By Professor Chris Chapman – In a recent lecture at the University of Glasgow the Cabinet Secretary for Education and Life Long Learning announced six new policies designed to support the emergence of a more equitable Scottish education system:
- School partnerships
- Class sizes and teacher numbers
- use of data to drive up improvement
- improving parental involvement
In terms of supporting equitable change and improvement, potentially one of the most important of these policies is the national co-ordinated approach to partner schools.
The Cabinet Secretary said: “We want to see partnerships between schools, which – outwardly – have very similar characteristics, but which perform very differently and can learn from each other.”
This is an area where there has been increasing experimentation and research. For example, findings from a programme of research conducted in England suggest school partnerships may be a promising if challenging strategy to pursue.
In school ‘performance’ federations a lag-time of two to four years exists before significant improvements in attainment occur, importantly gains are associated with both the higher and lower attaining schools. If this holds true in Scotland, policy makers will require the patience to support their policies into the medium and longer term.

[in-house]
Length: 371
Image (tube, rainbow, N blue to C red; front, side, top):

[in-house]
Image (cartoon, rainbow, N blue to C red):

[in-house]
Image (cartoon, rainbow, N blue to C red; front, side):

Furthermore, some structural arrangements have been identified as more potent than others and processes such as the management of change and ownership at the local level also appear to be important factors in securing success.
Clearly, stark differences between the Scottish and English system leads us to caution over-simplistic generalisations. However, emerging evidence from other systems also supports the case for school partnership as a powerful lever for equitable educational change.
On balance it would seem formalised school partnerships offer a promising way forward but they are not a “quick fix” and how partnerships are implemented is likely to be as important as the detail of the policy itself.
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Professor Christopher Chapman was appointed Chair of Educational Policy and Practice at the University of Glasgow in January 2013. Chris’s research interests focus on the interaction between educational policy and practice, specifically in relation to the improvement of educational outcomes in disadvantaged settings. The recurring themes in Chris’s research are accountability, collaboration, equity, leadership, professional learning and organisational/system reform